Road Trips in the Digital Age
by Kelli Warner
KMTR-TV Morning News anchor
When my cousin and her family recently prepared to depart for a week to a cabin on the lake, this is what she posted on Facebook: “Got my iPhone, my iPad and my memory foam mattress. Camping, here I come.”
I laughed at her idea of “roughing it”, but it got me thinking. Family vacations have really changed with the advent of technology. For example, when my daughter left to go camping with some family friends this past weekend, she crawled into the backseat with her iPod and the DVD movie, Alpha and Omega, to play on the car’s entertainment system.
Yes, backseat screens that trick the kids into thinking they’re in a movie theater and not embarking on a “long,” two-and-a-half-hour drive through the mountains. To this I say: genius! Because any parent, who’s found themselves in the middle of a road trip with Mr. and Mrs. Bickerson in the backseat, knows that while family time is precious, silence can be golden.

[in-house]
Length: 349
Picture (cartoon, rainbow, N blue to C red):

And another thing: Those car games I remember as a child, like “Slug Bug,” don’t work so well after a certain age. Despite highly emphasized “rules of engagement” from my husband and I before the game commences, my daughter ends up black and blue and my son as defensive as a bank-robber caught in the act. Ahem…“What? What’d I do?!”
So perhaps the whole concept of “divide and conquer” applies best here. I’m all for family interaction, but in close quarters, I’m not against distracting the kids from each other with technology.
Sometimes letting my daughter put on her headphones and bop to the silent tunes of her iPod while my son takes Mario through his latest adventure on his DS is what makes those long, family drives mutiny free. Those technological devices are a way to numb the miles, only allowing the occasional declarations like “He’s bugging me!” or “She won’t put her feet down!” to escape from the backseat.
This concept really is nothing new. Oh, the technology has certainly advanced, but I remember plenty of vacations where my sister and I took along our Walkmans–you know: that ancient device that kids today couldn’t identify in a line-up? It helped us keep our hands to ourselves and distracted us from constantly asking “Are we there yet?”
But let me be clear. Once we get to our destination, the games and music players are put away and family time becomes the focus. After all, that’s when it matters most: when we’re at our destination, enjoying our surroundings. (Besides, our cell service is pretty spotty in most scenic areas.)
Look out, Mother Nature, here comes the Warner family.